When a chemical system is in a state where the concentration of the chemical reactants and the concentration of the products formed undergo no changes over time, the chemical system is said to be in a state of chemical equilibrium. At a point of chemical equilibrium, the rate of the forward reaction is said to be equal to the rate of backward reaction. This article aims to explain the concept of chemical equilibrium and the various factors that affect it.
An Introduction to Chemical Equilibrium
Chemical equilibrium is known to be affected by several factors such as changes in the concentration of either reactants or products, the common ion effect, changes in the temperature of the reaction environment, or the introduction of a chemical catalyst. But what exactly is chemical equilibrium? Consider the following chemical equation:
A + B → C + D
Here, the reactants A and B participate in a chemical reaction with each other to afford the products C and D respectively. However, the following chemical equation occurring in the same chemical system can be considered:
C + D → A + B
Here, the products C and D react with each other to regenerate the reactants A and B respectively. Therefore, there are two different reactions occurring simultaneously in this chemical system. The first reaction is between the reactants A and B (which yields products C and D). The second reaction is between the products C and D (which yields reactants A and B). If the rate of the first reaction is equal to the rate of the second reaction, then the system can be represented via the following chemical equation:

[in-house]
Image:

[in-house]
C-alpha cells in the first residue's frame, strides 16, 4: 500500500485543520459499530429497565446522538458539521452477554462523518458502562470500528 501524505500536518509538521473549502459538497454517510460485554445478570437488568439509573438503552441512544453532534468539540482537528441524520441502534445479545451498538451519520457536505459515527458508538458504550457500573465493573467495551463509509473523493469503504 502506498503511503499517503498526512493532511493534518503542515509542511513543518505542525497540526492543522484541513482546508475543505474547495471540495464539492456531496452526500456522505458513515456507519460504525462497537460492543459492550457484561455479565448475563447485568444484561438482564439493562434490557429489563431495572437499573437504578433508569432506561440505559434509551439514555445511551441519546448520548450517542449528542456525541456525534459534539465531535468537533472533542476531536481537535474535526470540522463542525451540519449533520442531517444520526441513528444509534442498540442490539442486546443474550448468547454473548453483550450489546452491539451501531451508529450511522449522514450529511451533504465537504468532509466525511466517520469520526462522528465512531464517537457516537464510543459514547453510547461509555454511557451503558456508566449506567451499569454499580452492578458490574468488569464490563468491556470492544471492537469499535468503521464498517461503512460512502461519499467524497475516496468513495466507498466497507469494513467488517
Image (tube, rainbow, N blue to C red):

A + B ⇌ C + D
This equation suggests that a chemical equilibrium exists between the reactants (A and B) and the products (C and D). The next subsection will cover the different factors that affect such a chemical equilibrium.
Factors that Affect Chemical Equilibrium
Increasing the Concentration of the Reactants/Products
If the concentration of the reactants is increased, the chemical equilibrium will shift in the direction where a larger amount of the substance with increased concentration is consumed. The same principle applies when the concentration of the products is increased as well. For example, if the concentration of the reactants A and B in the previous reaction is increased by 1 mole each, then there will be an increase in the concentration of C and D as well. Follow the hyperlink to learn about the concept of mole chemistry.
Increasing the Temperature of the Reaction Environment
Increasing the temperature of the reaction environment for a chemical system in a state of chemical equilibrium will have varying effects based on the nature of the reaction. If the chemical reaction is an exothermic reaction, then increasing the temperature will increase the concentration of the reactants. However, if the reaction is an endothermic reaction, then increasing the temperature will increase the concentration of the products that are formed in the chemical reaction.